Thursday, January 31, 2008

What can development organizations do with Web2.0 tools?

Some time ago, I compiled some examples of what you can do with web2.0 tools for communication within a development project. In this case, a large project in several countries. I'd like to share my ideas about the different ways of engaging with the wide range of web2.0 tools. After all, web2.0 are designed for participation, and what is more core business for development organizations?

I tried to separate four different options:

  1. You can use available web2.0 tools (free or at low cost)
  2. You can integrating web2.0 tools in another website
  3. You can design a new website using web2.0 principles and technologies
  4. You can leveraging popular web2.0 sites where crowds of people are interacting

I can provide some examples of each of these options, though there are probably lots of other examples:

1. Using available web2.0 tools

Why not make use of all these wonderful tools out there? ICCO is very innovative in trying to foster an open information sharing system, use a 'Learning Alliance wiki ' (a pbwiki) as the main basis, with other thematic wikis attached to it. In the wiki there are links to Dgroups, as a discussion forum, Blogger weblogs and google calendars for event planning. And I'd almost forget the feeds from the social bookmarking site delicious. Maarten Boers explains more in this blogpost. You can see a presentation by Peter Ballantyne here.

Another example is the Knowledgecafe wiki by CARE.

2. Integrate web2.0 tools into an existing website

The web2fordevelopment conference last year in Rome had to experiment with web2.0 tools of course. In their website, they integrated flickr photo sets, Youtube videos, and a link to the weblog and wiki. Nowadays, most webservices allow you to embed content from another site.

A special technology which is helpful in integrating web2.0 tools in another site is RSS feeds. By using a Feed to JavaScript like feedostyle you can have information or news published on one web sites- displayed on another site. So when the information or news changes, your web site will be automatically changed too. A good example can be found on the site of EUFORIC, a European network. They display various feeds on their site using feedburner.

3. Design a completely new website using web2.0 principles and technologies

Ofcourse you can also design a completely customized site for your own purpose, and use web2.0 principles like working in beta. Examples I can think of are the CIARIS website on social inclusion. There is a screencast of the design fase.

Helpalot is an example of building a site using social networking site ideas. Helpalot is specifically focused on charities. VSO build a bloggers interface expecially for their volunteer stories. The World Bank has set up a site called Isimulate for performing economic simulations.

4. Leverage popular web2.0 sites where large numbers of people are interacting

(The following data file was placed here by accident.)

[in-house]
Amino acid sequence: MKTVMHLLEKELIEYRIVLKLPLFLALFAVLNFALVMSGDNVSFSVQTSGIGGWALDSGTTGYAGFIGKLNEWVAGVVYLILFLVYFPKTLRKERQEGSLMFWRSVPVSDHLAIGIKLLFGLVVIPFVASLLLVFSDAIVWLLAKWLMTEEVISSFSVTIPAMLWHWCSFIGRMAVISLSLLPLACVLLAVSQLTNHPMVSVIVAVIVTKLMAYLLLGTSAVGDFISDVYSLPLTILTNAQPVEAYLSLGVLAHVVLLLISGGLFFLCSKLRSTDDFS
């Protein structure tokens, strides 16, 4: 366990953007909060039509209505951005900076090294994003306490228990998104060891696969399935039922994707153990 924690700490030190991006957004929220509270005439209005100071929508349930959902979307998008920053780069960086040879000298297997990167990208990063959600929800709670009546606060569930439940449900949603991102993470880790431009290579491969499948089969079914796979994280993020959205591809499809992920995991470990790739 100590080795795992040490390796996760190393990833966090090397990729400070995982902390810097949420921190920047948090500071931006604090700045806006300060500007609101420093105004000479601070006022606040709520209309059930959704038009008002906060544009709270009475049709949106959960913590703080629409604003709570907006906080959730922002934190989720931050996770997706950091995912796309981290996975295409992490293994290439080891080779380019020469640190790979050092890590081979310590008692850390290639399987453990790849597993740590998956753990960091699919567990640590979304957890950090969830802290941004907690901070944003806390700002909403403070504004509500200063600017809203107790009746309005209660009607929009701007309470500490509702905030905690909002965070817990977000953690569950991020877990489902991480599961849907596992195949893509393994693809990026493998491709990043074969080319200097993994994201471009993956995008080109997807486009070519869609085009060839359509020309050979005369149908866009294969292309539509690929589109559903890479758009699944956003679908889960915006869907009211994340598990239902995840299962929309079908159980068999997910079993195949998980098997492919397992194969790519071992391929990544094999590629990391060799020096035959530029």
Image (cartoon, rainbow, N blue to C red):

Examples of popular web2.0 sites are Youtube, Facebook, LinkedIn, Ning, and many others. You might also leverage the crowd of people hanging out there by going there yourself. An example of this is the World Bank channel on Youtube. Even though the World Bank has enough video capacity on their own site, they added a channel on youtube to reach out to a different audience.


Unknown said...

Thanks, Joitske, for organising this information in one place. Very useful!

bev trayner said...

Joitske, I like the way of categorising for different ways to organise Web2.0 tools. Thanks!

Christian said...

Thanks Joitske for this nice ideas. I would add the "information power" that development organizations can use feeds to get better information of what is written in all different fields of development. And universal standards such as RSS make it possible that in the ear future maybe some organizations will share their knowledge directly.

Joitske said...

@ Christian, good idea, though I took it as part of embedding tools in an existing website, but you are right that RSS is the key to travelling information, I will add it!

Unknown said...

You might also want to check out some efforts by the World Bank to use Web 2.0 technologies iSimulate @ World Bank

Joitske said...

Thanks Gauresh, I didn't know that site. I will add it too!

Stephan said...

Thanks for this great categorization. We are trying to get our organization to adopt more web2 tools and most of what is written is way to advanced for them, so this is a nice starting point.

guglio1001 said...

Thanks Joitske for the post. Personally, I believe that the third option you identify is the one where the greatest, potentially "disruptive" potential for innovation lies. A recent report from the Aspen institute ( has also more ideas in terms of using web 2.0 tools in order to shift donor mindsets from one-off "feel good" donations to long term "social investments". Chris has written an excellent overview of other potential applications ( of web 2.0 in a development context. Also, if you go to delicious' tag "development 2.0", you can find a collection of examples and articles on this topic.

Joitske said...

@guglio thanks for the pointers. I wasn't thinking of number 3 as the high potential one, rather number 2! Number 3 still needs an awful lot of investment, and has an 'owner'. Number 2 is very empowering.